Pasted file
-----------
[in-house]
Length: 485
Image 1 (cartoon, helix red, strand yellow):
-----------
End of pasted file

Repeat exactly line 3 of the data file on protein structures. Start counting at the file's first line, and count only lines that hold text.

Image 1 (cartoon, helix red, strand yellow):